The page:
I finished inserting all the old news into the news database. As an added bonus, I dug up some very old news we called the “Playlist”. Loogie and I used it to wax poetic on our current gaming trends. It was a short-lived excursion that lasted from March to May 2000. Its role was later replaced by the main news page. It’s an interesting read from when we first became addicted to TFC and thus online gaming.
Speaking of online gaming (well, sorta), I was playing around on my CS server alone last night and figured out something about the bot customizations. Before Vicky left for NC, we were toying with the idea of TMP vs MAC10, but the bots can only be set to allow or disallow certain types of guns. So while I could restrict human players to only use either a MAC10 or TMP via Mani, the bots could still use UMP45s and P90s. So, the humans got pwned pretty well. Well, I was thinking about it last night and decided that maybe the bot profile had to be loaded at map start, so I changed the bot_profile_db cvar in the server.cfg to a special DB that had the bots prefer MAC10s or TMPs. That didn’t work. As a last ditch effort, I tried replacing the standard botprofile.db file with the special one, which if it worked, would mean that the bot_profile_db cvar is totally useless. And wouldn’t you know, it worked. On the second round, all the T’s would buy MAC10s and the CT’s TMPs. And occasionally, they would pick up the opposite gun as per the random weapon preference order I defined in the DB.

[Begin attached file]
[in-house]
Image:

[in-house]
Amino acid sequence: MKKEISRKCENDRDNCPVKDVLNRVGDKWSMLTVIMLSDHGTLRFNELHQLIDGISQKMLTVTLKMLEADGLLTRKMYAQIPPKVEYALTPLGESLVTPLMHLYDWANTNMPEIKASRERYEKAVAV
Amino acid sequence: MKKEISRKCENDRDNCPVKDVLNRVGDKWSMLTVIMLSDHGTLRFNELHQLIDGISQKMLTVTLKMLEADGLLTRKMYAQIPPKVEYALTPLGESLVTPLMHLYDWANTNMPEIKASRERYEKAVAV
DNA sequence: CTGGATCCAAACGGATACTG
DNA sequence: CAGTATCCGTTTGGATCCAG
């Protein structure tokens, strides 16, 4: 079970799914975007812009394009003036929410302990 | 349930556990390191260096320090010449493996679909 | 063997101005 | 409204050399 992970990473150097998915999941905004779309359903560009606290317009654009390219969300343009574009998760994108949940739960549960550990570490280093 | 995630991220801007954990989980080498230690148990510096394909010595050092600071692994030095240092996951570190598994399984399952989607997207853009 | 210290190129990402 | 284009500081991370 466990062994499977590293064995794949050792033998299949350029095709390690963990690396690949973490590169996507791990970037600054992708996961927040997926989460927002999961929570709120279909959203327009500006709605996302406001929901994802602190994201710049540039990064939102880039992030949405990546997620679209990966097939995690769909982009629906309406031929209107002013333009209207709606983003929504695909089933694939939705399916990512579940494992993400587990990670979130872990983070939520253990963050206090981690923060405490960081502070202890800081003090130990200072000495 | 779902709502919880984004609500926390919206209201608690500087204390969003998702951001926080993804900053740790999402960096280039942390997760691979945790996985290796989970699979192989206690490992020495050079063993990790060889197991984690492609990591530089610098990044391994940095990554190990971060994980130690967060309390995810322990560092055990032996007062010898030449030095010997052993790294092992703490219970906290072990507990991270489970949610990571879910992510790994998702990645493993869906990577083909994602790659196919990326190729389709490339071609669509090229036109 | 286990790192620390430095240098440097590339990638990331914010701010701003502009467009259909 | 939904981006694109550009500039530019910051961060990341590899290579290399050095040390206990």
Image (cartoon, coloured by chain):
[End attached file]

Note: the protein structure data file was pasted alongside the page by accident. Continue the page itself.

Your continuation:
After playing three maps with this setup, it was clear that the TMP is way better than the MAC. It doesn’t go inaccurate as quickly with sustained firing, plus it fires a lot faster and is silenced. The MAC has a damage increase over the TMP, but it’s pathetic trying to use it at range. The higher price of the TMP is very justified. Here’s a funny ragdoll screenshot I got while playing today.
I also remembered that I could get parts of the site that were lost with Google’s cache. It took a while, since Google’s “site:” command doesn’t like the dashes in my domain. Eventually, combing through Google and Yahoo yielded a decent bit of recovery. I believe I have nearly all of Marcus’ journals, and at least most of Rachael’s and mine. The Demoboard, though, is still mostly lost since my last backup from 2002. The newest reviews I could recover were Act of War and Myst. Apparently, they don’t cache everything. Still, it’ll be months before I get to repairing the Journal and Demoboard DBMan databases, if at all. Blarg.